Florida Real Estate News –
Don’t lose your cool with clients
NEW YORK – Tense situations with clients can sometimes get heated, and it’s important to control your emotions. But that’s sometimes easier said than done.
John Stoker lists important tips for keeping your cool and preventing a damaged relationship in a recent SmartBrief column:
- Do a physical check
Just breathe – slow and measured breathing helps the brain’s amygdala from stopping logical thoughts. Stoker suggests taking a brisk walk, climbing some stairs or even taking your shoes off to focus your attention physically and stop an emotional hijack from ruining your client-agent relationship.
- Keep it rational
From our own point of view, Stoker says, everyone is rational. “When others behave in ways that defy your expectations, ask yourself: ‘What would logically explain his or her behavior?'” Stoker writes. “If appropriate, you can ask them to identify the reasons for their actions.”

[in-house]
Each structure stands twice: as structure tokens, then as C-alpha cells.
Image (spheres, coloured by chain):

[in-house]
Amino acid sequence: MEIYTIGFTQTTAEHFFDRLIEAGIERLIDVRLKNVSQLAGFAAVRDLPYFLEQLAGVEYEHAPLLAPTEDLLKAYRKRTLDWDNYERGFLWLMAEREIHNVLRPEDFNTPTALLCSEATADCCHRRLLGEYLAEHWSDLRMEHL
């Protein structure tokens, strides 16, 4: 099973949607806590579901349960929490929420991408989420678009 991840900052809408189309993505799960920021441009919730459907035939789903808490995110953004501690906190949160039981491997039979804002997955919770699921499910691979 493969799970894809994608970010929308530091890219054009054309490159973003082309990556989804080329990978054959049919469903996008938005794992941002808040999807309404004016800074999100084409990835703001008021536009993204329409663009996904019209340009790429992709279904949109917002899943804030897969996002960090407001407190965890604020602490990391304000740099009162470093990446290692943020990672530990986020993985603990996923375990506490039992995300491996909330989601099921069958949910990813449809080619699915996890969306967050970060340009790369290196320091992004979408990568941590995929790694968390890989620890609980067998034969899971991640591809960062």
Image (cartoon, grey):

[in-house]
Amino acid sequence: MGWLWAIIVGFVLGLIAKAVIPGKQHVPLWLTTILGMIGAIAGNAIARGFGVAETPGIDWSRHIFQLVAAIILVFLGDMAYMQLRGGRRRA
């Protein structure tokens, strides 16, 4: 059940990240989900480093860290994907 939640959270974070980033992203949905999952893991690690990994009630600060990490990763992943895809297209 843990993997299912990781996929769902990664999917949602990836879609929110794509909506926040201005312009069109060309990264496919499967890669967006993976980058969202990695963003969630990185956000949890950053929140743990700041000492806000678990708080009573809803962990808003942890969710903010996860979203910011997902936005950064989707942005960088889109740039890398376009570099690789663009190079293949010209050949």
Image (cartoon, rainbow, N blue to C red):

- Stick to business
Politics can also make client relationships more emotionally fraught. Now that the political environment is particularly tense in Washington, D.C., and around the country, you may find more people who want to vent. Your best bet might be to insist on keeping conversations with clients focused on real estate.
- Finish your sentences
Stoker suggests finishing the sentence, “I’m angry because …” as many times as you can. Doing this before speaking with a client helps you discover and address your inner emotional state.
- Practice empathy
“‘What would a person have to think and feel in order to say or do that?'” Stoker says. Consider how you would react if you felt the way your client may feel. This thought process removes your own perspective and makes you identify more with the client, helping to strengthen rather than damage the relationship.
- Hire a coach
Look into hiring someone trustworthy for an objective view on the situation. Seeking an outsider’s perspective is an extremely beneficial and insightful tool for your own methods.
“Using tactics such as these,” Stoker writes, “can quickly help us regain control of our rationality and produce more effective and positive outcomes.”
Source: “How do you restore your rationality?” SmartBrief (July 10, 2017)